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23 thoughts on “Been around the block

  1. You forgot to mention how important it is to carry a meat tenderizer in your free hand with a little note dangling from the handle that reads: “Thank You For Your Opinion.”

  2. If your child isn’t exposed to germs and pets, they will grow up allergic to everything and will need to be housed in a sterile bubble. If your child is exposed to germs and pets, they will become allergic to everything and will need to be housed in a sterile bubble, eventually.

  3. If you do not put your child in front of Baby Mozart for 30 minutes a day, he will never develop that other half of his brain…the side that understands math.

    If you put your child in front of Baby Mozart for 30 minutes a day, his entire brain will get eaten.

  4. I love it the second time around……everything is so much clearer….sort of ;)

    I will say this, I loved my Moby wrap this time around and kicked myself for not having one/ nobody recomending one for my oldest who I swear was borderline colic.

    Good luck in these next few weeks.

  5. I am laughing out loud this morning. Oh my gads the crap the general public puts us through! The other day I was at my parents Country Club for the Christmas Party. Two out of three of us (me and my three yr old twins) had mohawks. I was having a gay old time getting the kids to go potty without soiling their outfits when this one eyed ole lady says to me “how many children do you have in this family?!” I said “just the two” and she said “Well, it sounds like 12. I would not have allowed that.” I said ‘Merry Christmas’. Let me tell you something….my kids were being PERFECT in that bathroom. They washed hands, they sat quietly while I went pee, they didn’t spread the free lotion or mouthwash all over the f’ing place. I guess they aren’t supposed to talk while farting and peeing.

    thats all. sorry to rant on your wonderful page. I love your funny post and wonder at how we can all have so much in common! Neat.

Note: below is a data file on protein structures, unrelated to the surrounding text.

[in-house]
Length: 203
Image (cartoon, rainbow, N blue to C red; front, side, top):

6. I was giggling and stressing out at the same time while reading this. Completely forgot about all the contrary advice out there…wait, probably not forgot. Probably repressed. Arrrgh! But I think we can glean a few things:

    1. People need to stop telling moms what to do.
    2. No one really knows anything for certain.
    3. It’s important to come up with a strategy for letting it all roll off the maternal back somehow. Because otherwise, it’s crazymaking.

    Hugs!

  7. Oh, Jesus. Reading this post has reminded me of why I have been so damned frustrated at various points (and will continue to be) throughout my maiden voyage into parenting. Because God forbid reality should not comport with your parenting “philosophy.”

    We let the Critter was some Baby Einstein at his grandparents’ house the other day (because the alternative would have been to insult his grandparents and aunt, which seemed ill-advised at the time) and since then he has completely developmentally regressed, and has regrown his fetal tail. (All kidding aside, the video seemed pretty anodyne, but I cannot believe anyone could possibly watch one and think it was doing anything intellectually stimulating for their child.)